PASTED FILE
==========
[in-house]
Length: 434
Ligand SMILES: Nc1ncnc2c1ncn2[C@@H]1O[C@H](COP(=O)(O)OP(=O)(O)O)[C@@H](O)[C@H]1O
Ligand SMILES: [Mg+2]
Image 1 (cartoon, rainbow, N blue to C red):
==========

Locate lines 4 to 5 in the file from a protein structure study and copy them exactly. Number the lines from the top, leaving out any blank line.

Ligand SMILES: [Mg+2]
Image 1 (cartoon, rainbow, N blue to C red):